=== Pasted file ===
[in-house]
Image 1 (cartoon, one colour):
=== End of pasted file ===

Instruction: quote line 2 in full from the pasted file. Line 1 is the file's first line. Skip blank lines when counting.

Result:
Image 1 (cartoon, one colour):